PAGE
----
Type:
text; Dissertation-Reproduction (electronic)
Keywords:
Dissertations, Academic; Optics.
Degree Name:
Ph.D.
Degree Level:
doctoral
Degree Program:
Optical Sciences; Graduate College
Degree Grantor:
University of Arizona
Advisor:
Macleod, Angus

Full metadata record

DC FieldValue Language
dc.language.isoenen_US
dc.titleSurface diffusion: A computer study of its effects on thin film morphology.en_US
dc.creatorSargent, Robert Bruce.en_US
dc.contributor.authorSargent, Robert Bruce.en_US
dc.date.issued1990en_US
dc.publisherThe University of Arizona.en_US
dc.rightsCopyright © is held by the author. Digital access to this material is made possible by the University Libraries, University of Arizona. Further transmission, reproduction or presentation (such as public display or performance) of protected items is prohibited except with permission of the author.en_US
dc.description.abstractA two-dimensional hard-disk model of thin-film deposition is described; it is of the type originally introduced by Henderson, Brodsky, and Chaudhari (1974). We have implemented a simple (and necessarily approximate) way to incorporate the effects of surface diffusion in our model, and a means to connect the input parameters of the computer algorithm to the evaporation parameters of substrate temperature and evaporation rate. In the limit of no surface diffusion (low substrate temperature), the model predicts a dendritic structure with large voids; this is the Henderson model. With sufficient surface diffusion (higher substrate temperature), a structure of closely packed crystallites is predicted, and the root-mean-square surface roughness is less than half that predicted by a Henderson-type simulation. This dependence of microstructure on substrate temperature is similar to a zone transition originally described by Movchan and Demchishin (1969) in metal and oxide films. We consider the effect of changing the angle of vapor incidence from normal to oblique. As this angle is increased, a certain critical angle is reached, at which the film density drops and the surface roughness rises precipitously. Both effects result from large columnar voids that develop; the structure of the material that comprises the columns between the voids is similar to the structure of depositions simulated at normal vapor incidence. In a separate study, we simulate the growth of a thin film in two dimensions with a computer implementation of the molecular dynamics (MD) method. The system consists of a krypton substrate maintained at a temperature of 10 degrees Kelvin, toward which argon atoms are periodically directed (with a velocity corresponding to 120 degrees Kelvin). The resulting argon film follows the (horizontal) spacing of the krypton lattice until the thickness approaches an average thickness of about ten monolayers. As deposition proceeds, the configuration of the film changes to incorporate an edge misfit dislocation at the film-substrate interface; this relieves the interfacial stress. We also apply the MD method to study the relaxation of thin-film structures predicted by the hard-disk growth model.en_US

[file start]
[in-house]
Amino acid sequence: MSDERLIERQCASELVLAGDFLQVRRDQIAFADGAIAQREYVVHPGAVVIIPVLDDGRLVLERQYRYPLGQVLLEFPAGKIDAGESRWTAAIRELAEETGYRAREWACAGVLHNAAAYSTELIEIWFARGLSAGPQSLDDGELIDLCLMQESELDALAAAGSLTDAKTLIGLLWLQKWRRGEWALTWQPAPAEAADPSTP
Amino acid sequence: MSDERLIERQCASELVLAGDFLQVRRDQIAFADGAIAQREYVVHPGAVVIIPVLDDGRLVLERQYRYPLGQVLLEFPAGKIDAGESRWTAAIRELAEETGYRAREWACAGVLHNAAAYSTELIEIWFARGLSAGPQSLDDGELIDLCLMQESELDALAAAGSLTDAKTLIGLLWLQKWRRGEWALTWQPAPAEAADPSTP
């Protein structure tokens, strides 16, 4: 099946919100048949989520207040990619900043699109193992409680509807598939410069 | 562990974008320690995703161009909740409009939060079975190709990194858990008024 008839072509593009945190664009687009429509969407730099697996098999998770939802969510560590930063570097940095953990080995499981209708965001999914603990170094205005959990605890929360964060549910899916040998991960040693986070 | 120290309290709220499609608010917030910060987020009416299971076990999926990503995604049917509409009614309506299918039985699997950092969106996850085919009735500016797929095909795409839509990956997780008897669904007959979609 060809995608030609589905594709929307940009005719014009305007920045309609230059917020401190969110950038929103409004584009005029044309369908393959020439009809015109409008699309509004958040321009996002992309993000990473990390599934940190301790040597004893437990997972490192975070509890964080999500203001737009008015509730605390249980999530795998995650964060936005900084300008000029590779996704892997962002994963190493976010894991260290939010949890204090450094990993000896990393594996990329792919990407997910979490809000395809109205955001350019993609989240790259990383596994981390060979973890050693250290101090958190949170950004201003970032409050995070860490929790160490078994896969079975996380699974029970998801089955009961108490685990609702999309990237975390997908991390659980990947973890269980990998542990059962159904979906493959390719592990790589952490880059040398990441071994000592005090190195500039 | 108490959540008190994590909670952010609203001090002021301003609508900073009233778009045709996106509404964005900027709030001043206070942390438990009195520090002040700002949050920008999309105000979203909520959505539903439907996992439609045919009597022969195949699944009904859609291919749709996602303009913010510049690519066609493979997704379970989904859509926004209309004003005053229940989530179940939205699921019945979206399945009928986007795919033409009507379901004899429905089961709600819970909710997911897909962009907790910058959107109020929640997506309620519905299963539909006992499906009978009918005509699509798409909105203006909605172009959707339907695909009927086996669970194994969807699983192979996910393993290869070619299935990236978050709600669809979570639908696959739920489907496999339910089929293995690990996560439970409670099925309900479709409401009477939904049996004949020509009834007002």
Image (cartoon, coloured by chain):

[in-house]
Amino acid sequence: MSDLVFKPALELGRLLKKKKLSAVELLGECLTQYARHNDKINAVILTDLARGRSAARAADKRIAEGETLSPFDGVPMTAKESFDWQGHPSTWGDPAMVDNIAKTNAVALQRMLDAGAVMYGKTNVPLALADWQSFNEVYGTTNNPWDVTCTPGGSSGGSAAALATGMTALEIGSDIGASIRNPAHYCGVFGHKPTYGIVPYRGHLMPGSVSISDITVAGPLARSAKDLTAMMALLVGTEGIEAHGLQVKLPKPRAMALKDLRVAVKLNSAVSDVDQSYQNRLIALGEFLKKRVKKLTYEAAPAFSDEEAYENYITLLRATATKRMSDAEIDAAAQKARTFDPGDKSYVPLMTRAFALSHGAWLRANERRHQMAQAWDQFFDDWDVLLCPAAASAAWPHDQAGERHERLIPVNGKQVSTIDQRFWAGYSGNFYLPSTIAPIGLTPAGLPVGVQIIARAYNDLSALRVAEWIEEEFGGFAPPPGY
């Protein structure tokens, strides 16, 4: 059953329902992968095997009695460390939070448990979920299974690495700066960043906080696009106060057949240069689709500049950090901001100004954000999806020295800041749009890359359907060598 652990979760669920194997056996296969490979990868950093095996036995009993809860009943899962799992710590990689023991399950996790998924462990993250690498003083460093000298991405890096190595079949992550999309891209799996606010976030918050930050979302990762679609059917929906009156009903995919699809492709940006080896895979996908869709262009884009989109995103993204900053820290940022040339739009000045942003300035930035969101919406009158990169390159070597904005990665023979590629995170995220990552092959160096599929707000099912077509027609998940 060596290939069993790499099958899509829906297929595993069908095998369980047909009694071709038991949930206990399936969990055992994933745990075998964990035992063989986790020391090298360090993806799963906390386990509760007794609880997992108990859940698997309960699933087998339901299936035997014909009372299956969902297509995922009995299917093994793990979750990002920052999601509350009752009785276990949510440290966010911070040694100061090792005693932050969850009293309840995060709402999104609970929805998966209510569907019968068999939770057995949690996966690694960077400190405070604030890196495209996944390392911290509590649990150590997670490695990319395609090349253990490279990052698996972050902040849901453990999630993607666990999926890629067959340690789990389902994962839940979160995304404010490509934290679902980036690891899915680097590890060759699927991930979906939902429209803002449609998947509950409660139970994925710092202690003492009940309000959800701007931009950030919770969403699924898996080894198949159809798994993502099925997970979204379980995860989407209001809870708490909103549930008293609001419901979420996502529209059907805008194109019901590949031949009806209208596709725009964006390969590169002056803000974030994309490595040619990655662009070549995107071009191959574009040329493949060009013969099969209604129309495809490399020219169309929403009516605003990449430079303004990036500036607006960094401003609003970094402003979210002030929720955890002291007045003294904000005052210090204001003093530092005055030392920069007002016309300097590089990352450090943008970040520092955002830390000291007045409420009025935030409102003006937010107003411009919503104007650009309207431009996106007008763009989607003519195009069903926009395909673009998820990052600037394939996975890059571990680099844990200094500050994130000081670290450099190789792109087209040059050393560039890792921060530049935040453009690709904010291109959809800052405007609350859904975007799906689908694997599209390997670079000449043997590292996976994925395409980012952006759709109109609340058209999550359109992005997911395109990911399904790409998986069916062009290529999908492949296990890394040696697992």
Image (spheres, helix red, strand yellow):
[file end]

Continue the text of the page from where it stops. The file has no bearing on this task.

dc.typetexten_US
dc.typeDissertation-Reproduction (electronic)en_US
dc.subjectDissertations, Academicen_US
dc.subjectOptics.en_US
thesis.degree.namePh.D.en_US
thesis.degree.leveldoctoralen_US
thesis.degree.disciplineOptical Sciencesen_US
thesis.degree.disciplineGraduate Collegeen_US
thesis.degree.grantorUniversity of Arizonaen_US
dc.contributor.advisorMacleod, Angusen_US
dc.contributor.committeememberDeymier, Pierreen_US
dc.contributor.committeememberBovard, Bertranden_US
dc.identifier.proquest9108426en_US
dc.identifier.oclc708645883en_US